Think of AT&T (NYSE:T) as a bond, not a stock. Seen from that perspective, it’s a bargain. You pay $30 a share and expect $2.08 each year in dividends. That’s an annual yield of nearly 7% on each share of T stock. With even junk bonds now paying just 4% it’s a slam dunk.
Just don’t expect capital gains.
The reason, again, is bonds. AT&T was sitting on $176 billion in long-term debt at the end of December. It will need another $23.6 billion to pay for 5G spectrum it bought at the recent FCC auction. It got $1.8 billion in cash in its partial spin-off of DirecTv, for which it paid $66 billion (including debt) in 2015, .
That debt isn’t going away any time soon.
Cable Mistake Hits T Stock
Most of AT&T’s debt comes from one of the biggest business miscalculations ever. That would be former CEO Randall Stephenson’s decision during the last decade to go all-in on cable TV.
The thinking was that AT&T wasn’t getting enough for its bits, but that if it owned the content those bits rode in on, it would be golden. That’s why it went for DirecTv. That’s also why it moved on Time Warner, for which it paid more than $85 billion (and took on $33 billion more debt) in 2018.
AT&T’s response has been to cut costs. Time Warner went through its own round of layoffs last year. Among its assets are CNN and the rest of the old Turner empire.
More may be coming. Lost in the talk about DirecTV is the fact that its other cable businesses, U-Verse and AT&T TV, are included in the deal. The total losses from its efforts to control the obsolete cable business model now top $50 billion.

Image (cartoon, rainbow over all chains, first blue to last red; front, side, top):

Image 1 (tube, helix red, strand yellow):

Streaming Promises Are Expensive
AT&T hopes to get some of that back with HBO Max, a $15 a month streaming service it built from Time Warner’s content library and launched last year. The company claims it has 41 million subscribers, but HBO Max only has 17 million paying customers. That’s less than one-fifth of what Walt Disney (NYSE:DIS) has and one-tenth of the subscriber base that Netflix (NASDAQ:NFLX) has, despite committing its entire 2021 movie line-up to the project.
Like Disney, AT&T is projecting enormous growth, up to 150 million subscribers in 2025, and an ad-supported tier launching in June. But this is a crowded market, and HBO Max carries a premium price, almost double that of Disney and higher than Netflix’ standard cost.
Take those claims with a grain of salt.
Handling The Debt
AT&T has always been a debt-heavy company. Its capital budget last year was $19.7 billion. It will spend even more this year.
It can handle that debt because interest rates are low and because it had over $43 billion in operating cash flow last year. The dividend cost about $15 billion and the effective interest rate on its debt is 4.2%. Take it all together and cash was still down just $2.4 billion in a down year. The company’s bond rating is Baa2.
The Bottom Line
Given its debt, given its costs, and given its past mistakes, I still don’t see T stock yielding more than a bond.
The share price has been stuck near $30 for a year, after a pre-pandemic flirtation with $40. By winning the auction, however, AT&T guarantees itself a big place in the coming 5G revolution, including the machine internet. Combining its wireless services with internet backhaul makes AT&T a vital utility through the 2020s. If AT&T could spin out its content along with a hefty piece of the debt, I’d consider buying more of it.
But expecting AT&T to do the right thing has been a bad bet for too long. Take the bond yield, and hope they stay good for it.
At the time of publication, Dana Blankenhorn directly owned shares in T.
Dana Blankenhorn has been a financial and technology journalist since 1978. He is the author of Technology’s Big Bang: Yesterday, Today and Tomorrow with Moore’s Law, available at the Amazon Kindle store. Write him at firstname.lastname@example.org, tweet him at @danablankenhorn, or subscribe to his Substack https://danafblankenhorn.substack.com/.